3D? Originally the new Godzilla move was supposed to be a 2012 release, but it has been pushed back to 2014 for now.
08-07-2012, 12:25 AM #9
09-15-2012, 08:57 PM #10
01-22-2013, 09:48 PM #11
Some pretty big shake ups are happening over at the camp for the Godzilla reboot, but among the most interesting is that former The Walking Dead showrunner Frank Darabont will be doing the final rewrite of the screenplay for the film (via Deadline). The first drafts of the script were written by Seventh Son writer Max Borenstein and it was previously rewritten by Drew Pearce (Iron Man 3).
Darabont is no stranger to writing scripts about monsters having penned 2007's The Mist, Kenneth Branagh's Frankenstein, and the remake of The Blob.
We had the unbelievable pleasure of hosting a conversation between three amazing artists: the legendary movie poster artist Drew Struzan, director Frank Darabont and genre powerhouse actor (currently on Being Human) Sam Witwer. Throughout the week we will be sprinkling tidbits from this amazing round table and eventually releasing the entire audio file. Listening to these three creators talk what they do will knock you over. But for now, here's a taste of the awesomeness to come, starting with Darabont's thoughts on his most recent project, Godzilla (which he is currently rewriting).
Godzilla has its origins as an allegory for the atom bomb, but today it's more of a straightforward monster movie. Do you want to restore some of that allegorical significance to the franchise?
Frank Darabont: What I found very interesting about Godzilla is that he started off definitely as a metaphor for Hiroshima and Nagasaki. And some of the atom bomb testing we were doing in the South Pacific in the subsequent years. The giant terrifying force of nature that comes and stomps the **** out of your city, that was Godzilla. Filtered through the very fanciful imaginations of the Japanese perception. And then he became Clifford the Big Red Dog in the subsequent films. He became the mascot of Japan, he became the protector of Japan. Another big ugly monster would show up and he would fight that monster to protect Japan. Which I never really quite understood, the shift.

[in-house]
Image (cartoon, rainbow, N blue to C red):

What we're trying to do with the new movie is not have it camp, not have it be campy. We're kind of taking a cool new look at it. But with a lot of tradition in the first film. We want this to be a terrifying force of nature. And what was really cool, for me, is there was a very compelling human drama that I got to weave into it. It's not that cliched, thinly disguised romance or bromance, or whatever. It's different, it's a different set of circumstances than you're used to seeing. And that's tremendously exciting as a writer when you're asked to do something else.
Sam Witwer: Is Godzilla going to represent a different kind of metaphor, something that we're dealing with as a culture? Because I'm working on a Mothra rewrite right now.
Frank Darabont: I think there is, but I do believe that there's a margin of interpretation, as Drew mentioned earlier. I love leaving a few crumbs on the table for the audience to determine what they think. Let them bring something to it as well. That's why a movie like The Green Mile is so satisfying or why The Mist is so satisfying to me. Because it stirs their participation and they have interpretation. I've heard metaphors that people apply to Shawshank Redemption, for example, that are fantastic that I never, ever would have thought of. And I say, you know what? You are absolutley right. That is exactly what it means to you. And how satisfying for me to have served you this meal and you identify flavors in it that I never even intended. That's one of the great rewards of what we do.
Sam Witwer: And then also pretending like you did it on purpose.
Frank Darabont: That's sometimes true. It depends on how much you want your ass kissed.
Are you looking to connect it to a different contemporary issue?
Frank Darabont: Yes I am, but I'm not going to give it away.
02-11-2013, 04:39 AM #12
Word broke just days ago that Elizabeth Olsen was up for a role in Gareth Edward's upcoming reboot of the Godzilla franchise and, today, Olsen confirmed her involvement in the project on the BAFTA red carpet.
"It's definitely not lighthearted," Olsen says of Edwards' take. "It's kind of going back to its roots of the original Japanese film."
The 1954 original was directed by Ishirô Honda and the Godzilla character (originally Gojira) was designed to serve as an allegory for nuclear weapons. Especially compared to some of the campier sequels that would follow, Godzilla is a decidedly somber film and it appears that that tone will be emulated in Edwards' version.
Likely to also star Bryan Cranston and Aaron Johnson, Godzilla hits theaters May 16, 2014.
Read more at http://www.comingsoon.net/news/movie...KUdFfY9gTsD.99